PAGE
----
Montana didn't see the play. He was on the ground. He heard the noise, the roar of victory winding around the stands, that old house shaking with joy. When Montana came off the field, equipment manager Chico Norton told him, "Boy, your buddy really saved your ass on that one." Montana asked what he was talking about. Norton said, "You threw the ball out of the stadium and he went up and got it."

Above his desk in his house in Santa Cruz, Clark has placed a lithograph Walsh gave him. It is a framed picture of Walsh in his famous pose — wearing a headset on the sideline, chin in his hand. It could be called: Coach in Thought.

On the bottom of the lithograph Walsh diagramed Sprint Right Option, diagrammed it with triangles and squares and O's. Walsh did not use X's. It is neat, a work of art like all Walsh's play drawings. He also wrote out the defense, showed where every player on each team was. The moment preserved.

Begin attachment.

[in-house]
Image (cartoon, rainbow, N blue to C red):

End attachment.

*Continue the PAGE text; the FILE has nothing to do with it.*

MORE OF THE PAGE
Every day Clark sees the lithograph Walsh gave him with the diagram of The Catch. Every day, he thinks how the present converges with the past.

"I still haven't erased Bill's name and number out of my phone book," Clark says. "I went to visit him in the hospital and he was getting a blood transfusion. He was there all day. We sat four or five hours telling stories back and forth. I told him, 'On Saturday nights when you would come in with that Styrofoam cup, we knew it was a margarita.'

"Bill says, 'You know what? I'm done here in 10 minutes. Can you give me a ride home?' And I say, 'Yeah.' On the way home, he says, 'Let's go in here.' So we pull into the Village Pub, and he and I have a margarita for old time's sake."

Walsh and Clark reliving their moment. The man who called the right play at the right time. And the man who ripped the ball out of the sky.

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